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What Is a Transgender Phase?

Transgender phases are a weird topic. As an outspoken mother of a transgender child, a common argument I’m presented with both in real life and online is: “Well when I was five I wanted to be a boy/girl/animal/superhero too”.

As an especially fertile woman, I’ve had so many children that I actually had one of these “I wanted to be…” children. One of my girls spent almost a year “wanting” to be a dog.

I say “wanting” because what she really wanted to be was a girl pretending to be a dog, she didn’t actually want to be a real life dog.

My child who spent a year being a dog would wear a dog costume when she was at home and she went about everywhere on all fours, she even tried to get us to put her food in a bowl on the floor (though I drew the line at that).

But at no point did she express any desire to change her body to be a dog’s body, she didn’t cry herself to sleep when people called her a girl instead of a dog. She was a child, playacting and pretending to be a dog because it was fun for her.

The only commonality between my transgender daughter and my sometime-dog-daughter is that both of them were pretending. My sometime-dog-daughter pretended to be a dog, and my transgender daughter pretended to be a boy. There was no transgender phase.

The big difference is pretending to be a boy caused my transgender daughter pain, while pretending to be a dog bought my cis child joy.

Trans Youth Care gender specialist, Darlene Tando says that there is no evidence to suggest that children are pretending to be trans.

“If we were seeing people do this just ‘for fun’ then we might have a little bit more caution, but that is not what is happening.”

 

“When someone is allowed to represent their authentic gender it comes as a huge relief and is in fact an intervention.  If a child or an adolescent or an adult feels that they have to make a course correction down the line, it’s really important for them to feel able to do so, and it should be embraced as much as we would embrace the asserted gender the first time.”

The evidence overwhelmingly supports an affirmative care model, which for the parent and community of a young transgender child, simply means allowing them to express their identity. To attempt to suppress the identity of a transgender person is a form of conversion therapy and that it’s wrong to look at it like a transgender phase.

Darlene Tando says this can come from cis people projecting their own lack of understanding onto the child. This might cause it to seem like a transgender phase.

“…because a lot of cis gender people can’t really envision living life as a different gender. They think if they tried they would “change their mind” because it would not be authentic, which is ironic if you think about the fact that what all transgender people are really trying to do, is be authentic.”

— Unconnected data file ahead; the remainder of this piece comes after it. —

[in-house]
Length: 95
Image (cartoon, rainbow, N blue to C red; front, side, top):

Dr Michelle Telfer is Associate Professor and Paediatrician at The Royal Children’s Hospital in Melbourne, Australia. Dr Telfer was involved in the creation of the world’s first set of clinical guidelines for the treatment of transgender adolescence: The Australian Standards of Care in 2018.

Dr Telfer says affirming trans children is vital to their wellbeing.

“The evidence is very much overwhelmingly in favour of affirmative care and the evidence also really well documents the damage that is done with either denial of that care, or even in a worst-case scenario, an active denial or conversion type responding to in terms of, not providing that care.”

Dr Telfer recounts her own experience as Director of the Royal Children’s Hospital Gender Service

“I was really struck by the young people I was seeing and just anecdotally how strong the affirmative stance was in terms of producing really good outcomes. Like at an individual level, you could see the power of allowing a young person to express who they are and supporting them in being who they know themselves to be.”

“You could see in front of your eyes the way that the young person would thrive and bloom.”

For me, my own daughter has been a trans girl now for several years – though she says she was always a girl and that we were the ones who got it wrong.

 

Check out our resources for young people and their families

 

There are a few moments that really stand out for me, in particular the first Halloween when she went trick or treating as a girl, and had covered her still-short hair with a wig.

After coming back to the car with her sister she beamed with joy, “The lady said “Hello girls”” she said, absolutely delighted that a stranger had seen her for who she is, a girl.

That’s all she – and other trans kids- need; people to see them and respect them for who they are.

If you have been affected by any of the topics covered in this blog post regarding ‘Transgender Phases’ and you would like to speak to a member of the team please visit our Help Centre.

 

Photo by Gabriel Baranski on Unsplash